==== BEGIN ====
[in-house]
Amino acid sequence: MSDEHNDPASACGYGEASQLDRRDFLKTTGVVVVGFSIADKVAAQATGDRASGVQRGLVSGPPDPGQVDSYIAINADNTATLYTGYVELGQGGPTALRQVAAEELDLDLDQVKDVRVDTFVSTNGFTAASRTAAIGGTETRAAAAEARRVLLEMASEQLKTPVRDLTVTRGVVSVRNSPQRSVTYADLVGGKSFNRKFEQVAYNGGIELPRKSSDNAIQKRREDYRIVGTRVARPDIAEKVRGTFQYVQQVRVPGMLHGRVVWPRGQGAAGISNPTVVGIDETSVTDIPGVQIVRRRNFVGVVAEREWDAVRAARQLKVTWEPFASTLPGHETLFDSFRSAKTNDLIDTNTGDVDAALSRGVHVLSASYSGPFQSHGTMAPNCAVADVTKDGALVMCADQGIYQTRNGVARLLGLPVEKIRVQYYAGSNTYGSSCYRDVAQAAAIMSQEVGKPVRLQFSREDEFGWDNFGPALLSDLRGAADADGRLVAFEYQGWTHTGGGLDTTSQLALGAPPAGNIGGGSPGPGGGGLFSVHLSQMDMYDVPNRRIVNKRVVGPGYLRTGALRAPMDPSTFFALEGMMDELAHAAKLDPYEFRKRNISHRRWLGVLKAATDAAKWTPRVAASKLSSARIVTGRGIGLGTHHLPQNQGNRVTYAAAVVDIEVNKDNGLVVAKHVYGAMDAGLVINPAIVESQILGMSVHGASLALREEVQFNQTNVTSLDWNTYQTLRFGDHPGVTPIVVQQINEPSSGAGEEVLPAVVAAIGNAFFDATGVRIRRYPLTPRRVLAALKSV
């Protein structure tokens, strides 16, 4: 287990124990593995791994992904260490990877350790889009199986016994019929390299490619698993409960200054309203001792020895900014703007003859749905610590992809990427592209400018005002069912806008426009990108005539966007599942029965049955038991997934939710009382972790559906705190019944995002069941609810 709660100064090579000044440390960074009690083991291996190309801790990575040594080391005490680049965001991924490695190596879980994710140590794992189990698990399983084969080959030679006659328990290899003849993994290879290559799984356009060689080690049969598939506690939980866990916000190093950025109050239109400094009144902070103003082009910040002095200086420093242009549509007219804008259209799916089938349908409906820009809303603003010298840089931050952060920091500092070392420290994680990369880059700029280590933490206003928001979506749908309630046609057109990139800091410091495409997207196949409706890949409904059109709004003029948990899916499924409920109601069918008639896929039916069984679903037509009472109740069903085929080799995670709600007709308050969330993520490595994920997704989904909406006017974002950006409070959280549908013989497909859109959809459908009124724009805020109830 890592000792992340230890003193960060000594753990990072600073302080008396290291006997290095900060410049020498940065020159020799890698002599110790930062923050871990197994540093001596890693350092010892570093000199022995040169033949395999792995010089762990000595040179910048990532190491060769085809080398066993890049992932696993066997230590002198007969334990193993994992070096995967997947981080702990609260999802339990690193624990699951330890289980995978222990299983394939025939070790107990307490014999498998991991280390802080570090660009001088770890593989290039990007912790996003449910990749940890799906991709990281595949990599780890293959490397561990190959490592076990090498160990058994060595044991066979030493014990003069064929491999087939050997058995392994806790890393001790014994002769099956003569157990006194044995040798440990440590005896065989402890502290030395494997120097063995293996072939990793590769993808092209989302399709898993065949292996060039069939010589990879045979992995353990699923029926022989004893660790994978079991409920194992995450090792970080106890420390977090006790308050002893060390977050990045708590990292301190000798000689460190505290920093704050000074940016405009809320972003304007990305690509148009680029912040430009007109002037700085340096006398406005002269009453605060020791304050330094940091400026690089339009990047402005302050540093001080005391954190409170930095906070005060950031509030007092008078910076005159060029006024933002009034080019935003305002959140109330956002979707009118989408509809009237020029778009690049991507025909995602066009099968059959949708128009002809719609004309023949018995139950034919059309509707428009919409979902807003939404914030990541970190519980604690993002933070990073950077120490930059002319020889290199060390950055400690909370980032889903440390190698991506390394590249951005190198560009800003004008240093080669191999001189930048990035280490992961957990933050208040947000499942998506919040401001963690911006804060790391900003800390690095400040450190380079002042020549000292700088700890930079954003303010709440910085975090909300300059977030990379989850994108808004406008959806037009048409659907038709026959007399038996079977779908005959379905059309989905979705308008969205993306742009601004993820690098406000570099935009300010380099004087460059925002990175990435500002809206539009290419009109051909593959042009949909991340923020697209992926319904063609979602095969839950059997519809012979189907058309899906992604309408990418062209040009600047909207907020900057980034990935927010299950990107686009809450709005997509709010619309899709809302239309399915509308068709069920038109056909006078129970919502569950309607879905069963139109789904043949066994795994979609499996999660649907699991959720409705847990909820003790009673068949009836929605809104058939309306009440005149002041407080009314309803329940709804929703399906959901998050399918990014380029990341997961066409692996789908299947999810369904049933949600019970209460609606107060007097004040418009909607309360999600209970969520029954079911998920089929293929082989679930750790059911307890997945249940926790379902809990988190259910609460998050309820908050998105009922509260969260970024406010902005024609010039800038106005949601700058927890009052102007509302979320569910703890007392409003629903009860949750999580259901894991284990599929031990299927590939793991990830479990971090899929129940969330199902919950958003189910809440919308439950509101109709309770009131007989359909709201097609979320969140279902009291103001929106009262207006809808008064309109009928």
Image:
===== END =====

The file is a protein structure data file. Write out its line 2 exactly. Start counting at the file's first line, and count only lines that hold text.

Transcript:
Amino acid sequence: MSDEHNDPASACGYGEASQLDRRDFLKTTGVVVVGFSIADKVAAQATGDRASGVQRGLVSGPPDPGQVDSYIAINADNTATLYTGYVELGQGGPTALRQVAAEELDLDLDQVKDVRVDTFVSTNGFTAASRTAAIGGTETRAAAAEARRVLLEMASEQLKTPVRDLTVTRGVVSVRNSPQRSVTYADLVGGKSFNRKFEQVAYNGGIELPRKSSDNAIQKRREDYRIVGTRVARPDIAEKVRGTFQYVQQVRVPGMLHGRVVWPRGQGAAGISNPTVVGIDETSVTDIPGVQIVRRRNFVGVVAEREWDAVRAARQLKVTWEPFASTLPGHETLFDSFRSAKTNDLIDTNTGDVDAALSRGVHVLSASYSGPFQSHGTMAPNCAVADVTKDGALVMCADQGIYQTRNGVARLLGLPVEKIRVQYYAGSNTYGSSCYRDVAQAAAIMSQEVGKPVRLQFSREDEFGWDNFGPALLSDLRGAADADGRLVAFEYQGWTHTGGGLDTTSQLALGAPPAGNIGGGSPGPGGGGLFSVHLSQMDMYDVPNRRIVNKRVVGPGYLRTGALRAPMDPSTFFALEGMMDELAHAAKLDPYEFRKRNISHRRWLGVLKAATDAAKWTPRVAASKLSSARIVTGRGIGLGTHHLPQNQGNRVTYAAAVVDIEVNKDNGLVVAKHVYGAMDAGLVINPAIVESQILGMSVHGASLALREEVQFNQTNVTSLDWNTYQTLRFGDHPGVTPIVVQQINEPSSGAGEEVLPAVVAAIGNAFFDATGVRIRRYPLTPRRVLAALKSV